The Red took down Fordham and Towson last weekend with its pitching prowess on full display — just in time for Ivy play, which starts next weekend.
Cornell won both games on Saturday 1-0 and 4-2 against Fordham and Towson, respectively.
The Red faced Towson University again the next day and fell, 3-2. Despite scoring opportunities in the top of the ninth inning, Cornell couldn’t close the one-run deficit.
Leading up to in-conference play, Cornell has developed a trend of playing low-scoring games decided by starters and relief pitchers. Aided by its evolving defense and an offense trying to string runs together, the Red is seeking to improve as the season gets into full swing. Cornell currently stands with an overall record of 3-9.
In game one versus Fordham, Cornell junior Colby Wyatt hurled an impressive scoreless 7 and two-thirds innings. Wyatt struck out four and limited the Rams to only five hits, earning the win. Relief pitcher junior Andrew Ellison got the save to solidify the Red’s 1-0 victory.
Although the sole run of the game was unearned — freshman infielder and leadoff hitter Justin Taylor reached on an error in the first inning — the Red’s defense shutout Fordham the entire game.
Immediately following its victory over Fordham, Cornell directed their defensive momentum towards Towson University. Freshman pitcher Jon Zacharias racked up 3 strikeouts in 4 innings of work, allowing only one run.
By the end of the 6th inning, Cornell was down by two runs but the offense awakened late in the game to put up four runs in the 7th, 8th and 9th innings combined. Relief pitcher junior John Natoli tossed 3 and one-third scoreless to clinch the victory for the Red, earning a win for himself as well.
In the next day’s match, Cornell and Towson continued to keep the score close through the 5th inning. But by the end of the 7th, Towson had pulled away by two runs. After a scoreless 8th, Cornell tried to answer in an intense top of the ninth.
Junior infielder Matt Collins led off for the Red and reached after being hit by a pitch. Sophomore outfielder Nicholas Binnie connected with a pitch for a single, advancing Collins. Senior catcher Will Simoneit ripped a pinch-hit RBI. With two runners on and no outs, the Red had both the tying and go-ahead runs on base.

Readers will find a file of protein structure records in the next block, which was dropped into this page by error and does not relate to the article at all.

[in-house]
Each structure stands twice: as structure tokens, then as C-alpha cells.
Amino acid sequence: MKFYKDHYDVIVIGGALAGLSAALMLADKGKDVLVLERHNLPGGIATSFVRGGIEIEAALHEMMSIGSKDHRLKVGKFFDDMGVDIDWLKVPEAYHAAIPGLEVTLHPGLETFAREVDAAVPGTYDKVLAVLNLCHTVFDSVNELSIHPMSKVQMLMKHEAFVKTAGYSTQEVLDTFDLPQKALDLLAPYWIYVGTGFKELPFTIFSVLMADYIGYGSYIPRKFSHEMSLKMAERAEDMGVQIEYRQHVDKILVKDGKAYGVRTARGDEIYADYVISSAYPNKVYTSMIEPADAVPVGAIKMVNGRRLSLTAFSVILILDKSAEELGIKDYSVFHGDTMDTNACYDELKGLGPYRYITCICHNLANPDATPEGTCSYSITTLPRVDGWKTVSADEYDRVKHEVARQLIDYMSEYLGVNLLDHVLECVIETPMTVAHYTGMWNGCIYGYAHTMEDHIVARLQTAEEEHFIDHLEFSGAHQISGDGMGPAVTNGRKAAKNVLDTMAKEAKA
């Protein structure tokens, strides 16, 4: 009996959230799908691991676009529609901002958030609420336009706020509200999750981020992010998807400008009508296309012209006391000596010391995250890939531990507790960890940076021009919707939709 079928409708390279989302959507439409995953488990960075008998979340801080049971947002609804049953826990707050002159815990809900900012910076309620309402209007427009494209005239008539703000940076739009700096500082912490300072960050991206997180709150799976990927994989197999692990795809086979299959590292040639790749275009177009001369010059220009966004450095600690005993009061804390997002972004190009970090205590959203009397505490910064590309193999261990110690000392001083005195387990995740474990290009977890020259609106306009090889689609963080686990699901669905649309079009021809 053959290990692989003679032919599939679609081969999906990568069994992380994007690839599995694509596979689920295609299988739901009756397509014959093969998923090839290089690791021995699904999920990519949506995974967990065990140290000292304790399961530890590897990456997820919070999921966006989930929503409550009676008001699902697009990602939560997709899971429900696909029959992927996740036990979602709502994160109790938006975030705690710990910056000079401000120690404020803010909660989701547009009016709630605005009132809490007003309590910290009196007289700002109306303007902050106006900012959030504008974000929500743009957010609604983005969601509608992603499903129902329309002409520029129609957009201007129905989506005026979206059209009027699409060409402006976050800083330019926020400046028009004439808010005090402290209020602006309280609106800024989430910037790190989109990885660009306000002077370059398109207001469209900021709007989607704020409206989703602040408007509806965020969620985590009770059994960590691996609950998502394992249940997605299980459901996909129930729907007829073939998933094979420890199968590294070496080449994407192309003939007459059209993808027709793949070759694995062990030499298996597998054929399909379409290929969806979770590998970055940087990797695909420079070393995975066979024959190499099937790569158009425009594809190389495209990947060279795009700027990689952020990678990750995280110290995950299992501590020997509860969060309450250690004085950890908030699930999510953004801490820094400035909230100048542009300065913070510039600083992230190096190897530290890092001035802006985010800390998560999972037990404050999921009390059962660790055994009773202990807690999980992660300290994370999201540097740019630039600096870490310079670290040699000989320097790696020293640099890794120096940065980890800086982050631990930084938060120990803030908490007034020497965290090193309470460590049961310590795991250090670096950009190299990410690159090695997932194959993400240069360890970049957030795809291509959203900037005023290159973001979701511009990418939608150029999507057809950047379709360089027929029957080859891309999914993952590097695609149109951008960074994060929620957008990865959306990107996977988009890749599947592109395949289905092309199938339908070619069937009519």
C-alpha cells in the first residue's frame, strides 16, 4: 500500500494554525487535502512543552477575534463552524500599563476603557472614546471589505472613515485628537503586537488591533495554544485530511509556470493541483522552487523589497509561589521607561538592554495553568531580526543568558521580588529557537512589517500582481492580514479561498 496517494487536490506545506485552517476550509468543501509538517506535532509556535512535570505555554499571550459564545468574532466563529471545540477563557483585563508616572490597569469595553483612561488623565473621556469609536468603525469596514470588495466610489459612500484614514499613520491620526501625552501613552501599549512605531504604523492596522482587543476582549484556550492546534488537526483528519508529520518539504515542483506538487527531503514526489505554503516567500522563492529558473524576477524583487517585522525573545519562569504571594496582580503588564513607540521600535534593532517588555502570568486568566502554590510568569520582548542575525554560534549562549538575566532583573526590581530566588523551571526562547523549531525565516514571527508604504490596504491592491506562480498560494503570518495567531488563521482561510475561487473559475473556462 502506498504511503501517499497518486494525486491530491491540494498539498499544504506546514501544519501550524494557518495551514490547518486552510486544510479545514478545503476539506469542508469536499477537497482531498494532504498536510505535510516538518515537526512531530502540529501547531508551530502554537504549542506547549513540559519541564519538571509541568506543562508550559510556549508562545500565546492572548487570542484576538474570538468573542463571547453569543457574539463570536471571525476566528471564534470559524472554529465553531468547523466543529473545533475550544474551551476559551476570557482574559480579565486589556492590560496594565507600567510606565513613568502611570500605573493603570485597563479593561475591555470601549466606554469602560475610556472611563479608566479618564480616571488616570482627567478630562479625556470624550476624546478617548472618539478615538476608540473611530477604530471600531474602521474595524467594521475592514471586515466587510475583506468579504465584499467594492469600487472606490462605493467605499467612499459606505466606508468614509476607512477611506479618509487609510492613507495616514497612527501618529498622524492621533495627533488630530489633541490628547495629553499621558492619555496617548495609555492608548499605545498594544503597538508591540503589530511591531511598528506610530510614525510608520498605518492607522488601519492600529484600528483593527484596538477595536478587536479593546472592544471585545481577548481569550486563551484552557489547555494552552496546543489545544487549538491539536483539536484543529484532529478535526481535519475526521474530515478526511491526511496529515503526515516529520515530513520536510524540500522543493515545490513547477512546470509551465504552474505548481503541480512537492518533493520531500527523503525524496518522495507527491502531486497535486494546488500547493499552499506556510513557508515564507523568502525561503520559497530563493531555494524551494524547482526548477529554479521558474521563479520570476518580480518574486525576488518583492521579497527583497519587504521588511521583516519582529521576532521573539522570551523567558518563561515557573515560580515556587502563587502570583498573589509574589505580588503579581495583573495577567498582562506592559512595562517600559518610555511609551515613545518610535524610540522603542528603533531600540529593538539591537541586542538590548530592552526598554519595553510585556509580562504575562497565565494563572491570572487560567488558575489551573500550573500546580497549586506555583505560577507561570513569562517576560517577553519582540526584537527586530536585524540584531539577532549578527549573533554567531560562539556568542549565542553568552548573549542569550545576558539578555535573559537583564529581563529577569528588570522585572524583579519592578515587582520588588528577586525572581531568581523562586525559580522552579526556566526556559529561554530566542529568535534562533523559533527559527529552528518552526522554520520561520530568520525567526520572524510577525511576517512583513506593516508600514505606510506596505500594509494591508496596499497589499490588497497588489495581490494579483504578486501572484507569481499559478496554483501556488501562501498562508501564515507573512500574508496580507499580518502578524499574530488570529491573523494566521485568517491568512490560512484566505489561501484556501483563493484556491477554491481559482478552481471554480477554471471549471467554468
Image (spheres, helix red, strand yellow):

And then, just as quickly as it had been sparked, the Red’s offense ran out of luck. No outs quickly turned into two outs as Taylor grounded into a double play. Now, only the tying run remained on third. With senior infielder/outfielder Josh Arndt at bat and the tying run just 90 feet away, the game fizzled to an end with a fly ball and a stranded runner.
Despite the outcome of that second match versus Towson — a tumultuous and frustrating game culminating in the top of the ninth inning — the way the Red’s offense came alive to challenge the Tigers showed determination and promise. For an offense previously struggling to string hits together and create scoring opportunities, the players called to bat in the ninth did just that. Of the six players tested in the ninth, five made solid contact, but some of those hit balls failed to drop into the gaps.
This past weekend in Maryland marked the final series before conference play starts. Cornell aims to continue capitalizing on its own smart pitching and hopes to arrange an offense that comes in clutch.
Next weekend, Columbia hosts Cornell for the Red’s first conference series with two games on Saturday, March 23 and one on Sunday, March 24.